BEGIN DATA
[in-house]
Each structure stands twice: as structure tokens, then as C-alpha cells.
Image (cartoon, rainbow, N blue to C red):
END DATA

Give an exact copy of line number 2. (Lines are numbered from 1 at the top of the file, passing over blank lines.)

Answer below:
Each structure stands twice: as structure tokens, then as C-alpha cells.